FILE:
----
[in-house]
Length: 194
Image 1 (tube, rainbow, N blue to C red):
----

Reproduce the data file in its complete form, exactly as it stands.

[in-house]
Length: 194
Image 1 (tube, rainbow, N blue to C red):